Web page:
I don’t know how two journeys of equal length to and from the same city could be so polar opposite, but the drive to Madurai was on a modern, four-lane highway with little traffic, and what took ten hours the previous day took less than three.
After checking in to our hotel we were met by a wonderful guy named Mahesh, a client of Prasad Chavali’s, and he took us to the Meenakshi Amman Temple, one of the biggest in India and for the purposes of my trip the Hindu equivalent of St. Peters’s Basilica and the Hagia Sophia Mosque. It was completed in 1655 and is the centerpiece of a city that has a 2500-year history.
Dedicated to Meenakshi, the consort of Shiva (the Destroyer), Hinduism’s most popular god, the temple receives a remarkable 15,000 visitors per day, up to 25,000 on Fridays, and one million during a ten-day festival in April. It features 14 towers, five of them huge and visible from a long distance. Each tower was carved from one rock and is covered with colorful depictions of various Hindu deities. Vibrant color is a theme throughout the temple, even on the ceiling of the interior, a reflection of the celebration of life and the fact that many Hindu deities had their favorite colors.
There is a Hall of a Thousand Pillars, countless shrines to various deities and a couple of inner sanctums with long lines of people waiting to enter, but only Hindus. Kiran and Makesh were apologetic about the exclusion of non-Hindus but I was very content to roam the outer corridors waiting for them, looking at the more than 30,000 sculptures. Again, I was one of just a handful of white faces, as I had been that morning in Kanyakumari. I did feel like a bit of an intruder but that was more than countered by the sense of being somewhere truly, authentically spiritual and of importance to a great many people.
At one point Mahesh said something about there being one God in Hinduism. Ah ha, I thought … I’m finally going to get a definitive answer about this. “OK,’ I said, “if there is one God, who is it? Brahma, Vishnu or Shiva?”
“It’s all of them,” he said. “And so much more.” They are not making this easy.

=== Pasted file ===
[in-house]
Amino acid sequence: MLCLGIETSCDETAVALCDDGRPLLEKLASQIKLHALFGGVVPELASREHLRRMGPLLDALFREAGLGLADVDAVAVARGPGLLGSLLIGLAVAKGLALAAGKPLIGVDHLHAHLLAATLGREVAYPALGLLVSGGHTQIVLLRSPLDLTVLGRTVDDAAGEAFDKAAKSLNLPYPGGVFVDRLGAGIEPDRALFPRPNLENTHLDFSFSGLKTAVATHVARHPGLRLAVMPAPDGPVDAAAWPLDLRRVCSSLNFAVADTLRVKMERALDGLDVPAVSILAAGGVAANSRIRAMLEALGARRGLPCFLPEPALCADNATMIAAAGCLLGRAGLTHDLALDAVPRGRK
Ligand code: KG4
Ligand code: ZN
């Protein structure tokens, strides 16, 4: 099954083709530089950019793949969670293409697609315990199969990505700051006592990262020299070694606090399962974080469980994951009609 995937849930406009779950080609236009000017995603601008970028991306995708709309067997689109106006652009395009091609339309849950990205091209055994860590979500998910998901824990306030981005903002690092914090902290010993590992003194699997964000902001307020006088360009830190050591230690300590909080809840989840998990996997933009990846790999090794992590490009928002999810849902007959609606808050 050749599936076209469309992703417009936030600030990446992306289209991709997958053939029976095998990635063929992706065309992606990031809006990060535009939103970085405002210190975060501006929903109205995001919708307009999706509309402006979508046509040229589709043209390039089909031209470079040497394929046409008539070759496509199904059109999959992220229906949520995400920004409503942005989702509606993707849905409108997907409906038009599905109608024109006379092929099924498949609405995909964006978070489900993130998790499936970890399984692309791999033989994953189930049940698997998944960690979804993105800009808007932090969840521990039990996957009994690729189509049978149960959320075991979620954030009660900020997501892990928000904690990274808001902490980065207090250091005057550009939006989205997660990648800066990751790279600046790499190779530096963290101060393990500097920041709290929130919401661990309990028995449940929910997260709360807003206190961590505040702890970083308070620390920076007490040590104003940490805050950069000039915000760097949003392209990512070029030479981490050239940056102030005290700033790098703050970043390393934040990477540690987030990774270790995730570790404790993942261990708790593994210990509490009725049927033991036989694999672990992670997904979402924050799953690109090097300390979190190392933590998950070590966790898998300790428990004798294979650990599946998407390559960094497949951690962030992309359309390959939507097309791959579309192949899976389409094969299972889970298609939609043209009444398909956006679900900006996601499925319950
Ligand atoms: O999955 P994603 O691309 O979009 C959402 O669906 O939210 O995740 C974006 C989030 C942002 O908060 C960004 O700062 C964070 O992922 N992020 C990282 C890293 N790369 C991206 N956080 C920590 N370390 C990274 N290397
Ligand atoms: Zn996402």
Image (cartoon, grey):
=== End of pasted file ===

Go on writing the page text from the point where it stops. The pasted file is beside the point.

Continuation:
Mahesh was kind enough to take us to dinner that night at one of his favorite spots across the Vaigai River and as part of my acclimatization routine I kicked up the spiciness factor a couple of notches, much to the amusement of the support staff watching me sweat and turn a devilish shade of red.
The next day Kiran and I flew to Chennai, formerly known as Madras and India’s fourth largest city with nine million people living in the greater metropolitan area. From the airport we went to the home of Prasad and Kiran’s cousin Ramu and had vegetarian pizza from … Pizza Hut. Then six of us, including Ramu’s wife and two little girls, piled into his car and made the drive toward the coast to see two sites of ruins from the sixth and
seventh centuries. It was a holiday and the road to and from the beach was packed, and there were a lot of visitors to the ruins. It was fun and chaotic and a treat to be with a nice young family.
Later Kiran and I checked into our hotel and went to a “British” pub in the basement called Geoffreys to have a beer. We were wearing long pants and dress shirts, but they wouldn’t let us in because we had on sandals. There was one guy at the bar and one guy shooting pool, so apparently they felt they had enough business. I had to laugh at the irony; in the past week I had been to a dozen places where I wasn’t allowed to wear shoes, where I got hissed at for holding shoes, and now we can’t get a beer in this dive because we’re not wearing nice enough shoes.
Two flights up we found a sensible bar.
Music Corner. Steve Winwood and Eric Clapton were together briefly in Blind Faith back in the 1970s, and reunited at Clapton’s Crossroads Guitar Festival for a modernized version of the Blind Faith classic Can’t Find My Way Home. http://www.youtube.com/watch?v=VT-SFgkVlno